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Patapsco Valley View

Volume 9

November 2012

Home for the Holidays!

So, it’s that time of the year again. Thanksgiving w Kinkaid_2.jpg

Everyone is getting ready to head off….dashing through the snow to Grandma’s house we go…

But what about ole Black Dog, or Princess Kayleigh the Diva Kitty? Are they going too?

If you are a very lucky person, Grandma lives around the corner and you don’t have this dilemma. You can ‘pop’ over for Thanksgiving dinner, with pumpkin pie, and still get home in time to take your dog out for his nightly constitutional.

However, with many families scattered across the country, most people have to make some decisions related to the holidays regarding their pets.

If Grandma loves your boston terrier like the four legged grandchild that she is, you may be able to pack Tootsie up in the car and take her along for a visit.

But, if your siberian might consider Grandma’s persian as holiday dinner, or if Grandma’s fourteen pound tabby wants to make abstract art out of your chihuahua, you have to consider the alternatives.

The first consideration may be a neighbor who is willing to drop in on your pet to feed and walk him while you are gone. But remember, neighbors take holidays too, so check out alternatives.

If you are looking for kennels, you want to plan ahead. Many kennels are booked months in advance for the period of November -December holidays.

If your dog is calm and enjoys the interaction of other dogs, he may do very well at a boarding kennel. You want to make sure that you find a reputable kennel and, if possible, see if you can do a walk through with a member of the staff before you make your decision.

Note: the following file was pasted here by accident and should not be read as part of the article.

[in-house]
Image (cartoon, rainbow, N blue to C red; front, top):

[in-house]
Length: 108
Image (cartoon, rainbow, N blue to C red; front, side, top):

The most important thing about kenneling is to make sure that your pet is protected from diseases. So be sure his vaccinations are up to date. Bordatella is a bacteria that causes a heavy cough and possibly pneumonia. It is highly contagious and therefore a big threat in kennel and daycare facilities. For best protection your pet should be vaccinated against bordatella every six months

If you have a nervous dog, or a delicate cat, a boarding kennel may not be in your pet’s best interest. In that case a ‘pet sitter’ would probably be a good alternative choice.

Pet sitters normally come to your home once, twice, or even in some cases, three times a day to feed, walk, or medicate your pet. They tend to charge by the visit, and their prices are often similar to that of a boarding kennel.

The benefit of a pet sitter is that your pet is able to stay in her natural environment which helps reduce the stress of having ’the folks’ away. A daily visitor can encourage eating, and can monitor for any sign of potential illness.

Cats normally only need a daily visit to check the litter pans, and put out fresh food. Dogs tend to need two to three visits so that they can be walked outside.

Pet sitters do ‘book up’ during the holidays too, so make sure if you’re going to need their services, you contact them in advance. A good pet sitter, or kennel, can be worth her weight in gold.

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